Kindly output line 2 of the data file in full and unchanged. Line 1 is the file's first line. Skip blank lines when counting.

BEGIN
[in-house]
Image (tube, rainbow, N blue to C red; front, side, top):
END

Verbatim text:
Image (tube, rainbow, N blue to C red; front, side, top):